Chalking it up to bad choices for education

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Physics is a fascinating discipline. It gives meaning to ordinate and abstract entities. The principles of physics enhance our understanding of how entities can be made to function optimally.

Entropy as a physics principle states that organised entities will break down at some point if not maintained and reorganised.

Thermodynamics illustrates how the entropy principle works. It comes from a Greek word meaning “transformation”.

And that’s where basic education fits in.

South Africa’s basic education has had a tumultuous history. Severe historical and systemic imbalances unfortunately continue to undermine the nation’s dream for quality education and efficient schooling.

The recent shenanigans about non-delivery of textbooks do confirm the need for entropy for education. Eighteen years on, we still face many challenges including poorly trained and developed teachers; questionable national assessment standards set to pass the National Senior Certificate examinations (Grade 12) which do not compare favourably with our counterparts in Africa and the globe; the collapse of organisational leadership and management, efficacy and work ethics across schools;

ineffective school inventories; access to education facilities without walking long distances; and the

egregious cases of teacher misconduct and negligence.

Perhaps, in our transitional phase to democracy, we did not fully conceptualise and understand the enormity of being in governance. Educationally, we might have been seduced into adopting models whose philosophies were misaligned to ours.

And therein is the litany of inefficiencies caused by the Outcomes Based Education (OBE) system.

We ignored abundant research evidence that militated against its adoption in Africa and elsewhere. Perhaps the muted rumblings for the “people’s education” that once spurred us on contributed to our choice of an incompatible system of education.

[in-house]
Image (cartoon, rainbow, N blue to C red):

Both political expediency and a desire to make a clean break with the apartheid education legacy might have muddied our gravitas and clarity of vision. In countries where OBE was implemented, the challenge had always revolved on resource abundance and professionally skilled personnel (teachers and administrators) to optimise its implementation.

During apartheid, teachers were systematically marginalised from the locus of control, decision-making and curriculum implementation. Before we made such a choice, we ought to have conducted a situational analysis of our capabilities.

I submit that the very foundation of basic education was defective and compromised our mandate to build an educational system that is robust and responsive to the challenges of the knowledge economy.

Our graduates are found wanting in fundamental skills and competencies like literacy, numeracy and analysis. Previous interventions have not improved the quality.

We need new approaches that speak to our vision as a country.

South Africa has brilliant policies on education. Our undoing over the years has been the entropy for accountability across the layers of governance.

First, brilliant policies without clarity of strategy will not improve the quality of education. Clarity of direction and goals, approaches and methodologies are required to change the situation. Second, we should have efficient structures that support strategy, goals etc. And finally, create a conducive environment for behavioural changes.

Clarity of vision and structures must be aligned to people who drive the change. Regular monitoring and adjusting of performance targets should happen seamlessly across the layers of governance.

The entropy of classroom accountability remains a challenge. The calibre of teachers in schools requires serious monitoring to ascertain that effective teaching and learning do happen. Research has shown that teacher commitment has waned, the evidence being the increase in dysfunctional schools and poor performance across the grades.

The current set assessment standards do a huge disservice to the country on quality and competitiveness in the knowledge economy.

We have performed poorly in international assessments like the International Mathematics and Science Study (TIMMS) and Progress in the International Reading Literacy Study (PIRLS). And of course, our own national assessment tools do not give much confidence compared to continental and global benchmarks.

I liken teachers to artists. An astute artist understands her genre and audience and must apply artistic skills and competencies that would capture the audience. She must also be a master of stage execution.

Similarly, teachers must know and understand their pupils, their background and diverse scholastic needs.

l Lebusa Monyooe is a commentator with special interest in education and expertise in curriculum design and development.


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